Which City?

Sunday, 17 March 2013

How Do Boards Really Know What's Going On?

Corporate failure continues to be in the spotlight, whether in private or public sectors. How do Non-Executives, Independent Directors and Governors really know what's going on? Are Unitary Boards best, or can they become too managerial? How do Boards set a good cultural tone by finding the right balance of challenge and support? How do Board members 'test' the information they are given to assure themselves of its accuracy?

I hold four board roles - one, as Chair of a drug and alcohol treatment charity, is wholly concerned with the delivery of public sector contracts and has a board with private, public and third sector experience. We seem to face in all directions at once, responding to and affected by public sector commissioning and payment by results, concerned about our charitable objects, and needing to create an operating margin to secure a sustainable financial future. 

When I joined the organisation I was soon conscious that senior staff and Board members portrayed the charity in different ways, emphasing various strengths and weaknesses and holding different views of how we might manage the future. It was important for me to  establish quickly a position where there was a shared understanding about the basic 'facts' - our financial standing, what we were delivering, how our customers and commissioners saw us, and our position in the current and future markets. This has stood us in good stead. It has enabled us to take some difficult but necessary decisions. We may still hold different views and have a range of ideas about the future, but at least we are able to identify our differences from a common starting point.

For me as Chair, this experience in the first six months, has been very hands on and not what I might have expected of the role. The culture of the Board is managerial with non-executive trustees who are very experienced and intellectually able and who are very challenging and highly supportive at the same time. We are a unitary board, with a third executive membership and this is a relatively recent evolution which may not be fully embedded. Executives tend to contribute in their areas of expertise, rather than in general on any matter. As we develop the board over the coming months we will think very carefully not only about our constitution but also about our behaviour, and how our structure affects the way we act .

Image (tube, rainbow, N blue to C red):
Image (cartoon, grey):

In the NHS Unitary Boards are the norm in hospital and community trusts and have been in the shortly to disappear commissioning bodies, the Strategic Health Authorities and Primary Care Trusts. Having been a Non-Executive Director on both and SHA and a PCT over the last six years, I reflected on how things might change in the new NHS in a Guardian Public Leaders Forum at the end of last year. The new Clinical Commissiong Groups generally have two lay members to eight GP members with other professional members from local authorities or other sectors. If the lay members represent the only source of independent challenge, they are going to be a small voice. I noticed this week my local Commissioning Support Unit - the arms length structure set up to provide back office services to CCGs- advertising for a Lay Adviser. Positive that outside expertise is being sought, but interesting that it is clearly not a decision-making role.